s, Magn
ic Bodi
s, and 
, 1890),were first developed by Petrus Peregrinus, a renowned medieval magus (magician).Experimentation was a major aspect of the natural magic tradition and was ready for appropriation byRenaissance natural philosophers who recognized its potential. The experimental methodology used in magicbecame more acceptable to Renaissance scholars thanks to the rediscovery of ancient magical writings. Religiousopposition to magic had less force after the discovery of various writings allegedly written by HermesTrismegistus, Zoroaster, Orpheus, and other mythical or legendary characters. We now know these texts werewritten in the early centuries of the Christian Era and deliberately attributed to such legendary authors, but Renaissance scholars believed they were genuinely ancient documents. This gave the texts great authority andled to increased respect for magical approaches.Increased emphasis on experience and observation complemented the adoption of manipulative experimentaltechniques. Andreas Vesalius, innovative professor of surgery at the University of Padua, claimed to have noticedover 200 errors in Galen's anatomical writings when he performed his own dissections. Scholars had previouslyrelied on Galens works rather than performing their own dissections.Vesalius's emphasis upon a return to anatomical dissection led to major discoveries. William Harvey, who wastaught by one of Vesalius's successors at Padua, discovered that blood circulates through the body. Similarly, thediscovery of numerous new species of animals and plants in the New World led to a more empirical approach tonatural history. Previously, bestiaries (books containing collected descriptions of animals) and herbals (bookscontaining collected descriptions of plants) had included religious symbolism, legends, superstitions, and othernonnatural lore. Since there was no equivalent information about newly discovered species, however, herbalsand bestiaries compiled after the Renaissance were more likely to record properties based on actual observation.The advent of printing also played an important part in the transmission of accurate information. When thecirculation of texts depended upon handwritten copies, illustrations were often crudely executed by the various
scribes who copied the book. Subsequent copies of the copy could be unrecognizable. In the preparation of aprinted edition, however, a skilled illustrator could be called in to prepare a single illustration that would then bemass
produced. The standard of illustrations improved immeasurably. Almost inevitably the illustrationsbecame more realistic and stimulated a concern for proper observation of natural phenomena.Another important aspect of the new focus on experimentation and observation (empiricism) was the inventionof new observational instruments. The Italian astronomer Galileo, for example, used the telescopefirst developed for commercial purposesto make astonishing astronomical observations. His exciting successstimulated the development of a whole range of instruments for studying nature, such as the microscope,thermometer, and barometer.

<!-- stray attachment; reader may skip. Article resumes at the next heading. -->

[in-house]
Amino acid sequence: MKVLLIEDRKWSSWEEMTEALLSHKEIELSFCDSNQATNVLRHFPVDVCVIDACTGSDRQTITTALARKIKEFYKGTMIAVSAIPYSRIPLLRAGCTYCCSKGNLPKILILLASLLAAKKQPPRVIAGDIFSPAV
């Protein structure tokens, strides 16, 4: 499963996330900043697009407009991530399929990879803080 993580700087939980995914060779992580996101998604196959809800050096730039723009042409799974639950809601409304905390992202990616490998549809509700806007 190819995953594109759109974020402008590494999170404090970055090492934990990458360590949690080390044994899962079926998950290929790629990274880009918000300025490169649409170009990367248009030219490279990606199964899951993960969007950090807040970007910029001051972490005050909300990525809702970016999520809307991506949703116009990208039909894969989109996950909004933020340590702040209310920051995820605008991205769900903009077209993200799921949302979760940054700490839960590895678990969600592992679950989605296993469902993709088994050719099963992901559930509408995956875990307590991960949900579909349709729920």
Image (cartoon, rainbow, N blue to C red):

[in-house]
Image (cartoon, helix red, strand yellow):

athematization of Nature
The scientific revolution has also been characterized as the period of the mathematization of the world picture.Quantitative information and mathematical analysis of the physical world began to be seen to offer more reliableknowledge than the more qualitative and philosophical analyses that had been typical of traditional naturalphilosophy. The mathematical sciences had their own long history, but thanks to Aristotle's strictures they hadalways been kept separate from natural philosophy and regarded as inferior to it. Aristotle's authority weakenedthroughout the Renaissance, however, as the rediscovery of the writings of other ancient Greek philosopherswith views widely divergent from those of Aristotle, such as Plato, Epicurus, and the Stoics, made it plain that hewas by no means the only ancient authority.As skepticism became credible in light of the remarkable exposures of the failings of traditional intellectualpositions, mathematics became an increasingly powerful force. Mathematicians claimed to deal with absoluteknowledge, capable of undeniable proof and so immune from skeptical criticisms. The full story of the rise instatus of mathematics is complex and crowded. Notable contributors included Polish astronomer NicolausCopernicus, who claimed that, for no other reason than that the mathematics indicated it, Earth must revolvearound the Sun, and German astronomer Johannes Kepler, who reinforced this idea with astronomicalmeasurements vastly more precise than any that had previously been made. Copernicuss moving Earthdemanded a new theory of how moving bodies behave. This theory of motion was effectively initiated as a newmathematical science by Galileo and reached its pinnacle a few decades later in the work of Isaac Newton.
Practical Uses of Scientific Knowledge
Experimentalism and mathematization were both stimulated by an increasing concern that knowledge of natureshould be practically useful, bringing distinct benefits to its practitioners, its patrons, or even to people ingeneral. Apart from supporting dubious medical ideas, the only use to which natural philosophy had been put throughout the Middle Ages was for bolstering religion. During the scientific revolution the practical usefulnessof knowledge, an assumption previously confined to the magical and the mathematical traditions, was extendedto natural philosophy. To a large extent this new emphasis was a result of the demands of new patrons, chieflywealthy princes, who sought some practical benefit from their financial support for the study of nature. Therequirement that knowledge be practically useful was also in keeping, however, with the claims of theRenaissance humanists that the
a ac
(active life) wascontrary to the teachings of the Churchmorallysuperior to the
a con
(contemplative life) of the monk because of the benefits an active life couldbring to others. The major spokesman for this new focus in natural philosophy was Francis Bacon, one
time LordChancellor of England. Bacon promoted his highly influential vision of a reformed empirical knowledge of naturethat he believed would result in immense benefits to mankind.
evelopment of Scientific Institutions
Finally, the scientific revolution was also a period during which new organizations and institutions wereestablished for the study of the natural world. While the universities still tended to maintain the traditionalnatural philosophy, the new empirical, mathematical, and practical approaches were encouraged in the royalcourts of Europe and in meetings of like
minded individuals, such as the informal gatherings of experimentalphilosophers in Oxford and London that occurred during the 1650s. The Royal Society of London was establishedon a formal basis in 1660 by attendees of those earlier gatherings. Although nominally under the patronage of Charles II, the Royal Society received no financial support from the monarchy. A similar French society, the